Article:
Here’s what to do instead:

Act (Step 1): Make a Plan

Have a snack an hour or so before dinner so you don’t show up starving.

Have a glass of water when you get there, before you order a drink.

Order a side of sliced cucumbers with your guacamole, so you can use those to dip instead of chips.

Share a meal with a friend or box up half to take home.

Stick to 1-2 margaritas, with a full glass of water in between each.

Act (Step 2): Act it Out

Get to it! Go to dinner and see how closely you can stick to the plan.

Analyze: How’d It Work Out?

Afterward, check in with yourself.

How do you feel?

What did you learn?

Next time, would you do anything differently?

Adjust: Make Changes for the Next Time

Make any necessary adjustments and continue to practice again and again, each time getting better and better, refining as you go.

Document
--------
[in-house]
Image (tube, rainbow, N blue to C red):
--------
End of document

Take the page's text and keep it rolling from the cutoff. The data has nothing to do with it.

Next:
4. Release Negative Emotion

How much shame, guilt, “not good-enough-ness” are you carting around with you every day? Do you know how much energy that zaps out of you?! It’s time to let go.

Here’s an exercise for putting this into practice:

Make a list of the things you feel shame around. What old stories of “not good enoughness” do you keep telling yourself? What negative mantras and fears run through your mind?

Once you have your list, use the ho'oponopono forgiveness practice to release and let go. I first heard about this practice from Elizabeth DiAlto, and she does a great job of explaining how to go through this process in this video.

This exercise is far more powerful than you might think. It’s retraining your brain. Most people say they feel ten pounds lighter after going through it because energetically you release SO much baggage.

I have a similar forgiveness exercise in one of the first modules of my ROCK Your Dream Body Immersion program, because in order to make room for all the good we want to receive, we have to clear space. Makes sense right? Releasing that which does not serve us, is a big part of this process.

5. Make Peace with What Is